Cortana is a special character, different to all the others. She is played by Jenn Taylor, the same actress that takes her role in the Halo video games, and her facial and body performances are created through motion capture. Johny said, “Cortana was our main human character. We built her from the start with photorealistic looks in mind, and later on she became a holographic asset.
“We ran a lot of tests and went through many variations before coming to the final look you see in the show. She has a complex structure with more than 1,000 joints and roughly 800 blendshapes for the face. We also made a library of supporting animation clips, on top of the actress’ facial and body motion captured from the set.”
Phil remarked that transitioning Cortana from the game was actually easier than expected. “With Jenn Taylor’s voice and performance for the facial and body capture, she was bringing the Cortana attitude to every scene,” he said. “Our job was to take this base and apply it to the digital Cortana asset. Her shape and form were adapted from a collection of game references that went through a long series of concept stages before finalising the look and feel of the character that people know and love.
“In some cases, Jenn was simply on set in the motion capture suit and facial rig. These shots were about first removing her from the plates, and then introducing the digital Cortana to the same location. This was a great method because the other actors could clearly interact with her, which made for a really present character.”
Scaling and Integration
But there were also a number of shots in which Cortana appears as a small figure on a desk or the dashcontrol of the Condor gunship. Since they couldn’t shrink Jenn down to the necessary size, her performance was shot separately and meanwhile the actors had a miniature 3D printed Cortana model with them on set to look at during the shoot.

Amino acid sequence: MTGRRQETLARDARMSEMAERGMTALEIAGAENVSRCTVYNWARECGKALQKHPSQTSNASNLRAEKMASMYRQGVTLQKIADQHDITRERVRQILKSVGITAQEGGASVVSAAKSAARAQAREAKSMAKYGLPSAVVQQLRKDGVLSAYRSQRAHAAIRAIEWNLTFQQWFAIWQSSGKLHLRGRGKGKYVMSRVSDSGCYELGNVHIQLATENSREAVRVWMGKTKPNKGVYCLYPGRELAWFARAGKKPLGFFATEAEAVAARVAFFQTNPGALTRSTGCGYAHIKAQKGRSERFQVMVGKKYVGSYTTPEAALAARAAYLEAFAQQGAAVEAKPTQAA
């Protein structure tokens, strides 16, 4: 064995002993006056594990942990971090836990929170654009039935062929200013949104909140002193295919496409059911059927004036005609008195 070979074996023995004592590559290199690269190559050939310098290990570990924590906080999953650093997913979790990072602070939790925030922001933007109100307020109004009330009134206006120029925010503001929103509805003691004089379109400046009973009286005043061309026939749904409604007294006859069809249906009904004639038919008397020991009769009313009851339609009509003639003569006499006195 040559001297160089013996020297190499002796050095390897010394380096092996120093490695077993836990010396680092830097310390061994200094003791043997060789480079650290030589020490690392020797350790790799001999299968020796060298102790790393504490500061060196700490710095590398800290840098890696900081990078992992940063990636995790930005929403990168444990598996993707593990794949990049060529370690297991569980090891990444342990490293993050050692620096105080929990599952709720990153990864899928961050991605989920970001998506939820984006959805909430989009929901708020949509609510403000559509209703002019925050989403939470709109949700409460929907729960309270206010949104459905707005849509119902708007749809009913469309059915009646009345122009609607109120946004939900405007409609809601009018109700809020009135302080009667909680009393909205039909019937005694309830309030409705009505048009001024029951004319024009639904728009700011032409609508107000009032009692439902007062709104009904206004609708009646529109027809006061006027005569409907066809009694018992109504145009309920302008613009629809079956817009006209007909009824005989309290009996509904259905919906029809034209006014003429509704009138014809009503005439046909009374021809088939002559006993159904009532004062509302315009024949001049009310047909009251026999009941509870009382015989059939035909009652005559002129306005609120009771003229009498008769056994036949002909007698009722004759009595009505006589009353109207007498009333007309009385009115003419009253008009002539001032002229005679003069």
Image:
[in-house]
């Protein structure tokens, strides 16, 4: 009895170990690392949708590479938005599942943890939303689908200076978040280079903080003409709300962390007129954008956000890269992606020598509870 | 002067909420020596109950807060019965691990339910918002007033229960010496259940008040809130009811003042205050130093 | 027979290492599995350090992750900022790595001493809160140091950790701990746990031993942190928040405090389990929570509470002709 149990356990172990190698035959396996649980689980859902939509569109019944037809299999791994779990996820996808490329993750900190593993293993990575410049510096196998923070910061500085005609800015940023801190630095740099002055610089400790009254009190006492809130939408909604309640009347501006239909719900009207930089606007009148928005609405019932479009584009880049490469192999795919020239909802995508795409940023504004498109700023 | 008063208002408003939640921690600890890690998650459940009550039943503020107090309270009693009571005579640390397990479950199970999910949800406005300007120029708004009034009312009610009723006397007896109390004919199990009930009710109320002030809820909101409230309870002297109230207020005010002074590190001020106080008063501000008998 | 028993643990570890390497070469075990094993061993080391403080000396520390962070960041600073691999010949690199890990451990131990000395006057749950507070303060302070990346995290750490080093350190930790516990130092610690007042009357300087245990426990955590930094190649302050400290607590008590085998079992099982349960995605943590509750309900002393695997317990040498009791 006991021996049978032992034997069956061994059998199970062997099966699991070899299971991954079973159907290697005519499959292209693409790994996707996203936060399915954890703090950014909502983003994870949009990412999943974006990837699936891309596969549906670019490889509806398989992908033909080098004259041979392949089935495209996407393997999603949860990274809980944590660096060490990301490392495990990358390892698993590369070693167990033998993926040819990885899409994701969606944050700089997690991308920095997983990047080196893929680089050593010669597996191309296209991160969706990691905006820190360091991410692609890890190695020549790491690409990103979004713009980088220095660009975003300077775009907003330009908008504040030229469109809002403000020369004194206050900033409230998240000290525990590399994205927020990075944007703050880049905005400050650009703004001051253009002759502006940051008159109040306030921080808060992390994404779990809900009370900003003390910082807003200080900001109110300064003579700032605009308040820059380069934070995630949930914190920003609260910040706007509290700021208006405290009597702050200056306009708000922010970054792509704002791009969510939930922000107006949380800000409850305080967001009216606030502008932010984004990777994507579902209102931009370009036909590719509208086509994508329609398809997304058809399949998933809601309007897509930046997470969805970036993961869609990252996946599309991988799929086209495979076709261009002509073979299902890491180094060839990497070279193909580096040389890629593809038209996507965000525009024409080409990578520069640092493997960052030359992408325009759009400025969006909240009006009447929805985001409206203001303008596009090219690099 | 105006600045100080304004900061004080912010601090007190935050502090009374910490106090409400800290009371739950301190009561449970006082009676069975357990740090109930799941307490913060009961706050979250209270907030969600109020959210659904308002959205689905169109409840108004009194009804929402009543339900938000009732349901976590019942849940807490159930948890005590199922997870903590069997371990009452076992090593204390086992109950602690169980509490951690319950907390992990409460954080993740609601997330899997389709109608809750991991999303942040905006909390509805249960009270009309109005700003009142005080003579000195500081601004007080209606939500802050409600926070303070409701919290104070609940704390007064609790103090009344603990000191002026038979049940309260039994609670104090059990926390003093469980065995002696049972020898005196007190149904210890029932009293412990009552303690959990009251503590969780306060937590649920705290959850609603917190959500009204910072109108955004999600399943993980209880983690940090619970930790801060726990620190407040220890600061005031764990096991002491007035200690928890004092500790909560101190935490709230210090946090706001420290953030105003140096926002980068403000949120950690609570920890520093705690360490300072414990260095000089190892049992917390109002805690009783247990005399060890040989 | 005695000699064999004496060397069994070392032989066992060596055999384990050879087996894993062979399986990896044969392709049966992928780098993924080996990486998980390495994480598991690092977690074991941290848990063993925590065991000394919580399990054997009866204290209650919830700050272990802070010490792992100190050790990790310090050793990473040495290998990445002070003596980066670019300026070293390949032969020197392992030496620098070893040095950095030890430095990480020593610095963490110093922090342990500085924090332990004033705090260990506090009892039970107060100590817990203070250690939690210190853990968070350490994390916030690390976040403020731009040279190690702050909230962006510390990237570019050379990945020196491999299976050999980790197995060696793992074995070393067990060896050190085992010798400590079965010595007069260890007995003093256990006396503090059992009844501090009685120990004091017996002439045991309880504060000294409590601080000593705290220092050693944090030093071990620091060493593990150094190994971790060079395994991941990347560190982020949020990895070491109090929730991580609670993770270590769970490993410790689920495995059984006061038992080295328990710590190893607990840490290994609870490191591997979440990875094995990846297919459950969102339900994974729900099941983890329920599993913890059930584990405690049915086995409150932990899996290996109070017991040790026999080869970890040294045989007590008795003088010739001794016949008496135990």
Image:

The facial capture was mainly done on location. “This data was always used as our performance base and our starting point,” said Phil. “The audio from that capture was used directly in the episodes. Our animation on top was done to enhance the performance, but we always needed to stay true to the original movement. Jenn’s and Cortana’s facial features are actually quite different, so the captures would need to be applied to Cortana, then adjusted to bring the feeling from Jenn’s performance to the Cortana face.”
As a hologram, integrating Cortana into the plates needed special consideration. “Technically, she was was made up of photons (the smallest possible unit of light) and connecting energy, and these elements would break apart and come together to form the character,” Phil said. “The lighting that Cortana would leave in the environment was always played very subtly to indicate that, in the story, she is a highly advanced, futuristic hologram. Furthermore her look adapts to the lighting in the environment she occupies, taking on characteristics that show she is in the same room that we are in.” www.pixomondo.com